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EU Commission adopts new Standard Contractual Clauses
Article 46 of the GDPR lists Standard Contractual Clauses (SCCs) approved by the Commission, as an ‘appropriate safeguard’ for transfers of personal data to a third country that does not have adequacy status. In essence, SCCs are standard sets of contractual terms and conditions, approved by the European Commission, which the sender, or ‘data exporter’ and recipient, or data ‘importer’ of personal data, both sign up to. These terms include contractual obligations that help ensure the protection afforded personal data by European data protection laws travels with it when transferred outside the EEA.
While the decision to grant the UK adequacy means UK-EU data transfers can continue unaffected, transfers to third countries remain a point of ongoing development and discussion. On 4th June 2021, the new European Union standard contractual clauses (SCCs) for transfers of personal data to third countries were adopted by the European Commission. The decision (2021/914) comes twenty years after the adoption of the first set of controller-to-controller (C2C) clauses in 2001 and implements the first new clauses since the GDRP took effect over three years ago.
The new SCCs are more consistent with the requirements of Article 46 of the GDPR, addressing inadequacies in the existing SCCs, such as the lack of processor-to-processor (P2P) clauses. They also reflect the CJEU ruling of July 2020, which invalidated the EU-US Privacy Shield and placed greater emphasis on businesses relying on SCCs, to carry out case-by-case assessments that account for the standard of data protection in the recipient country.
Previous SCCs required parties to choose the relevant template (C2C/01, C2C/04 or C2P/10). As mentioned, these previous SCC templates failed to account for both P2P and P2C transfers, leaving some data exporters in difficulty when implementing agreements. However, the newest SCCs adopt a ‘modular’ approach, allowing data exporters to choose from four different modules, C2C, C2P, P2P or P2C. Whilst the substance of the modules is largely similar, each module contains some specific clauses applicable to the chosen transfer context. Organisations will need to ensure their role as either a controller or processor in contractual relationships is clearly defined, being careful to select the correct module within the SCCs when entering and amending future contracts.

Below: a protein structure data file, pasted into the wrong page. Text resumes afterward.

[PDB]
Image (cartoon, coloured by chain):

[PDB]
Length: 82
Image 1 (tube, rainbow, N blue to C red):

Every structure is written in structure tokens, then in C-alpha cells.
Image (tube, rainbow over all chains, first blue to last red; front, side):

Importantly, paragraph (recital) seven of the new clauses also allows for controllers or processors not established in the Union, to use the clauses for transfers of personal data, to the extent that their processing is subject to the GDPR. The previous SCCs were only available for use by controllers of processors established in the Union.
A GDPR Update
Several provisions within the new clauses are now more accurately aligned with the requirements of the GDPR than previous SCCs, which were implemented under the repealed Data Protection Directive. For example, provisions within Clause 8 ‘Data Protection Safeguards’ cover GDPR Article 5 principles, account for Article 28 Processor obligations and bring requirements to implement appropriate technical and organisational safeguards to secure processing, in line with Article 32 security requirements of the GDPR (clauses 8.5, 8.6 and 8.2 in respective modules). Where the importer is a controller, clause 8.5 (b) will also require Annex II ‘Technical and Organisational Measures’ is completed, and that the importer carries out regular checks to ensure measures continue to provide appropriate levels of security.
Schrems II Context
Central to much of the discussion around the new SCCs and their previous drafts, has been whether they will work to address last year’s Schrems II decision, handed down by the CJEU. In particular, whether the new SCCs would align with EDPB guidance on supplementary measures in addressing the practical issues raised by the Schrems II decision.